One lamp in that shanty, cat piss house remained lit at night. Not at the first or second, but third switch. The very brightest. Not for the fear of tripping on a bump in the rug during a midnight, half conscious run to the bathroom. Or to give the petty snatchers riding their getaway bicycles the idea that somebody was wide awake and moping about the living room. The light stayed on so that the bulb would burn out quicker. Once it burned out and died, there was a reason to venture out of the house and buy another at the store. To be a part of commerce. To have a minor purpose and have an errand to run, like anybody would have.
But only incandescent bulbs. The older style of light bulbs. They don’t last as long as the energy efficient types. They have less life.
It was always the same lamp, too. A modest table lamp with a plaster-cast base made to look like bronze lion’s paws, and a middle body formed of plastic and colored like marble seen in showroom kitchen counters, or on television. That sweet appearance of marble that looked so authentic and hard and was probably cold like real marble, too. A hollow clink at the tap of a finger, though. Just some replication molded and wrapped around the fake bronze neck of the lamp’s body, bearing down upon those lion’s paws and rendering it unable to scamper away and escape a fate of sleeplessness at night, among other things. The lampshade was a transplant from another lamp gone years ago. Even decades. It doesn’t matter these days. It’s just a raggedy top covered in stains, the irregular outlines of which are reflected onto the walls every night. It’s a surprise that the stains do not transfer onto the walls, for they’ve shadowed the very same spots for so long. Saturations of years stored away in garages and basements. That’s from whence the smell of cat piss came. There are no cats in the house.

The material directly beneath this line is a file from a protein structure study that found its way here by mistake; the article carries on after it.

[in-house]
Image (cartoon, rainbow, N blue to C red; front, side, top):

The lamp even remained lit during the daylight hours, but its shine was overtaken and dominated by greater entities. The Sun, for instance. The stains of the lampshade could not shine against the walls, and the Sun even reflected off of the fake bronze paws, and the marble, too. It almost made everything about the lamp genuine and respectable and new, with the exception of stealing away its own luminescence. It looked beautiful, but it wasn’t the truth. Its image was redeemed, but its soul and its purpose was taken away. Regardless, the bulb always burned slowly, recognized or not.
The death of a bulb was sudden. Never gradual. Usually a spark could be heard, but never seen, and the lamp went dark for however long it took to notice. Typically long enough so that it wasn’t too hot to unscrew and discard. Another bulb wasted. Not a book read below it, or a game of chess played under it. Its only point was to illuminate through that table lamp that was forever situated on top of one corner table in one corner of a house, beside a modest window that brought in the afternoon Sun.